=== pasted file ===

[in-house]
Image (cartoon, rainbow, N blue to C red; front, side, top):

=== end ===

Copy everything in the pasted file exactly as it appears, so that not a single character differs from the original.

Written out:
[in-house]
Image (cartoon, rainbow, N blue to C red; front, side, top):